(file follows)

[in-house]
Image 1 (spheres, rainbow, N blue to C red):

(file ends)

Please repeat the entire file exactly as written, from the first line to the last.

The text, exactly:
[in-house]
Image 1 (spheres, rainbow, N blue to C red):